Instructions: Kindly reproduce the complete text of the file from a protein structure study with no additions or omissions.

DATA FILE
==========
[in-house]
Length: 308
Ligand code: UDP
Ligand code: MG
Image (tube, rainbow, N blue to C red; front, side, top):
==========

[in-house]
Length: 308
Ligand code: UDP
Ligand code: MG
Image (tube, rainbow, N blue to C red; front, side, top):